SRAM XX1 groupset test

The not-so-minor details


SRAM XX1 groupset


Monza Imports


$1650 standard BB, $1700 BB30


Game changing performance. Highly desirable and impressively engineered. The lack of chainguide, or front derailleur and left hand shifter is simply refreshing.


High cost technology. Expensive cassette. Bulky and vulnerable rear derailleur prone to damage.

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Flow scored Australia’s first test on the much-hyped SRAM XX1 drivetrain, lucky us indeed.

After the media launch in Whistler we desperately wanted to have this all to ourselves to test on our own trails, away from the watching eyes of SRAM staff and engineers. We really wanted to find the limits to this unique eleven speed system, and we planned to try our hardest to try and drop the chain off the chainring.

A sweet Yeti SB66 Carbon arrived at Flow equipped with Grip Shift operated XX1, and out we went. We gave it hell, we picked it to pieces and we had it all to ourselves. We discussed the costs, the compatibility and the target user. After a week’s solid riding on Canberra and Sydney trails we serve up our verdict here in this video…and beg SRAM for another longer term test on this impressive product. [private]

Our toughest testing ground serving it rough for our SRAM XX1 bike.
It’ll take some getting used to, XX1 just looks odd. With a small ring up front and a large one on the rear, it’s backwards to what we are accustomed to.
Check out the size of that big sprocket! 42 teeth is massive, especially when we are used to getting around on a 36 tooth cassette. While our test bike had a 36 tooth chainring, most XX1 groupsets will sell with a 32 tooth ring. In that configuration, compared to a 3×10 Shimano drivetrain, you do lose a little bit of top-end speed but you give up surprisingly little in terms of climbing gears (about 7%). When compared to 2×10 drivetrain the differences are even less dramatic. Could XX1 see the 2×10 fall by the wayside? Will it become a battle of 1×11 vs 3×10?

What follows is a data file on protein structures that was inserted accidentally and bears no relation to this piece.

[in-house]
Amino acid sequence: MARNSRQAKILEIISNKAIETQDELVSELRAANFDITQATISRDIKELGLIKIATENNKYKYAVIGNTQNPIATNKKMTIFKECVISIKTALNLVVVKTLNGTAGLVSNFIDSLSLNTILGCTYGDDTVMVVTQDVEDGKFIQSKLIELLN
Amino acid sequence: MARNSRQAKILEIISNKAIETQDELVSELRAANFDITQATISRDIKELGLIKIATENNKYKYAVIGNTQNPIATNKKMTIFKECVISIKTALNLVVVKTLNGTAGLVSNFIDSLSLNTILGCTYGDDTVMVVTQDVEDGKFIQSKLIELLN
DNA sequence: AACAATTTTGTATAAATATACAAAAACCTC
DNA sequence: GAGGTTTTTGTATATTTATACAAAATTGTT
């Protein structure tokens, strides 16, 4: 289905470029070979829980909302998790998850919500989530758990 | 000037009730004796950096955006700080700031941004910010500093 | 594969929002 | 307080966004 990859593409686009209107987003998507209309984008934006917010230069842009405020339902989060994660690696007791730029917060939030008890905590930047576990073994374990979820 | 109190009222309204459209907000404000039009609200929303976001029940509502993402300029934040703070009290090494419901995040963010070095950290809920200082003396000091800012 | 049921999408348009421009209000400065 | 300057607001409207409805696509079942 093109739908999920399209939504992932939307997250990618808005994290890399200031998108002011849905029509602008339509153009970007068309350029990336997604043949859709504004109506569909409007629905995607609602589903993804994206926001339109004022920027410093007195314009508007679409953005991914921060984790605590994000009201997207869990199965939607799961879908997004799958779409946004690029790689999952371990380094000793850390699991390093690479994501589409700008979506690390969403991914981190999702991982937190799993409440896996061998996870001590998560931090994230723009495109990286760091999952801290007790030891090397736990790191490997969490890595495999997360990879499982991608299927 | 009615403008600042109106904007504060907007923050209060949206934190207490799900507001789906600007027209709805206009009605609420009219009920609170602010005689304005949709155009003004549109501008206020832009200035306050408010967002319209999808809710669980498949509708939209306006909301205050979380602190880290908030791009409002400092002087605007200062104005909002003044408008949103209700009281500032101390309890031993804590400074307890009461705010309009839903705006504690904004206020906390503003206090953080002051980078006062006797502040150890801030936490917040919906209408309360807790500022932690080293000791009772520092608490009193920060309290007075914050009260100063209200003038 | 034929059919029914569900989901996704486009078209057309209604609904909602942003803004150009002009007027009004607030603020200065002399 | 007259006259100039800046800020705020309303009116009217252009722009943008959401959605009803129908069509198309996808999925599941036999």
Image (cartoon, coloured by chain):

If it were ours, we would happily add around 60g grams to the bike with a lightweight chainguide to secure the chain on top of the ring, just for the security and peace of mind. We only dropped the chain once during testing, albeit from a stick knocking it off, we never managed to bounce it off during any descents or rough riding. But still a chainguide will not add any drag, hardly any weight but you gain a lot of peace of mind. But we can envisage many riders riding without one, it simply looks clean.
The alternating thicknesses in the chain ring teeth sync with the chain in plates to reduce the risk of derailment. No, magnets were not used, just logic and a long prototyping phase! Rings are available in 28-38 tooth sizes in two tooth increments, we’d pick a 32 or 34 for general trail riding. In our minds spinning out on a fast fire road is less of a worry than running out of steam up a steep climb.
This rear derailleur is unlike anything we have seen before. The parallelogram actually sits horizontally, where a standard derailleur sits on an angle. It’s far more stable than a standard SRAM derailleur, plus using the Type 2 arrangement with a clutch resistance to reduce chain slap it is an astonishingly quiet arrangement.
Our test bike came equipped with Grip Shift. Not our cup of tea, and the grip is so long we had to shift our hands inboard each time we shifted gears, but it shifts the gears perfectly. The trigger shifter we do love, and it feels just like an XX unit, just one more nice, positive click.


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